This past weekend, Don and I were invited to his bosses house for dinner. ‘Shit’, I thought to myself as I agreed not only to the arrangement but also for the offering of my services in providing dessert. Now, not only would I need to think before I opened my mouth, I would also have to create a masterpiece to impress everybody else’s mouths. Shit.
There is a reason why I am not a chef. Well actually there are two for now I will tell you the first. Pressure. Stand behind me when I’m chopping an onion and there will be blood, watch me sautee at the stove and there will be burns. I crumple and fall, like a soufflé when I’m out of my comfort zone. Cooking for my boyfriend’s boss was one of these out of comfort zone experiences.
I decided to cook my pistachio meringue roulade. What I love about this dessert is that it takes about ten minutes to prepare but for those who don’t cook, it looks like you’re a pastry chef. No pressure there. At least the day was relatively cool, so I wouldn’t have to endure the same humidity nightmare that I’d had previously this summer. So, I set to work whisking my whites until stiff, gradually adding the sugar to make glossy stiff peaks, folding through half of the pistachios and spread it on my parchment lined and greased Swiss roll tin. It was all going smoothly. In fact everything went smoothly right up until the point where having wrapped it delicately in foil, about to walk out of our apartment and Don turned to say “You hold the meringue, I don’t want to break it.”
Well you can imagine what happened next and I only have myself to blame. Usually I know to stand at least ten feet away from Don when he’s flagging down a cab. His wild and urgent gesticulations are like those from a person stranded on a deserted island having spotted a distant ship. We both saw the cab at the same time, and awakening the old waitress in me I took to balancing the roulade on my left forearm in order to raise my right arm for the driver to see. At the same time, Don pounced on the cab like he does his dinner and a flailing arm knocked the desert of balance and crushed it smack into my chest. God bless the person who created Eton Mess.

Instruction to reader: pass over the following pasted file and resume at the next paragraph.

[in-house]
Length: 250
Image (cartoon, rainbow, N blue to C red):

The dessert, was still a success, though not a pretty one- what is it with me and roulades? The other baking event that took place over the weekend was these chocolate revel bars. I made these for the first time years ago at University, and though they were good back then, I always thought that the oat mixture needed to be changed to make it less cakey and more crunchy. The filling is like chocolate fudge- feel free to omit the nuts and if you like a really thick middle, then double the filling. I have no idea why they are called revel bars- and I’m not sure what else to call them!
Chocolate Revel bars
The base and topping:
450g/1 lb butter
200g/8 oz soft brown sugar
300g/10 oz oats
350g/12 oz plain flour
rounded ½ tsp kosher salt (1/4 tsp table salt)
1 tin condensed milk
350g/12 oz dark chocolate chips (bittersweet)
2 tbsp butter
200g/8 oz chopped, toasted walnuts
2 tsp vanilla extract
1/ Heat the oven to 350F/180C/Gas 4. In a food processor, blitz together all of the filling ingredients to combine- gently knead so that it comes together (if you butter is soft then this won’t be necessary).
2/ Use half of the filling to line a 20 x 30 cm baking tin (at least 1 inch deep). Bake in the oven for 20 minutes. Chill the remaining dough.
3/ Meanwhile make the filling. Mix together all of the ingredients (except for the nuts and vanilla) and melt over a double boiler. Fold through the nuts and vanilla. Spread the filling over the cooked base and crumble over the remaining topping. Place back in the oven and cook for a further 20-25 minutes, or until lightly golden. Remove and let cool. These are best stored out of the fridge and eaten with in a couple of days (which shouldn’t be a problem.)